Grand Central Terminal Turns 100

A century ago, rail travel was at its peak in the U.S., and New York City built the massive Grand Central Terminal to accommodate the growth. Built over 10 years, gradually replacing its predecessor named Grand Central Station, the Grand Central Terminal building officially opened on February 2, 1913. The terminal and the surrounding neighborhood thrived -- by 1947, 65 million people a year were traveling through the building. However, in the latter half of the 20th century, rail travel declined sharply, and Grand Central Terminal fell into disrepair, threatened several times with demolition. The Metropolitan Transportation Authority was able to undertake a huge restoration in the 1990s, and Grand Central remains a New York City icon today, 100 years after it first opened.

Read more
Hints: View this page full screen. Skip to the next and previous photo by typing j/k or ←/→.

Most Recent

  • Olivier Morin / AFP / Getty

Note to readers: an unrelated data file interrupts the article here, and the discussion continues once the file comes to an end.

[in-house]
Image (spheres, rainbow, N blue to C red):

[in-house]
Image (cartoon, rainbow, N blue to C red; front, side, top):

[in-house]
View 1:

All-Request Photos: Sharks, Intoxication, Guacamole, Soccer, Scalia...

    Reader requested images, including playful raccoons, Soviet armies leaving Lithuania in the 1990s, Donald Trump’s hair, a Fennec fox, and much more.

  • Lewis Hine / Library of Congress

    Child Labor in America 100 Years Ago

    In 1908, photographer Lewis Hine traveled across the U.S. to document child laborers and their workplaces. His portraits were used by reformers to drive legislation that would protect young workers or prohibit their employment.

  • Noah Berger / Reuters

    Tinder Dry: An Early Start to Wildfire Season in the West

    Wildfires have already burned more than 1.6 million acres in Alaska this season, and blazes in Washington, Oregon, and bone-dry California have scorched thousands more.

  • David Gray / Reuters

    Australia's Great Barrier Reef at Risk

    The health of the largest living ecosystem on Earth is in danger, and UNESCO World Heritage delegates will announce on Wednesday whether they will place the Great Barrier Reef on a list of endangered World Heritage sites.

Join the Discussion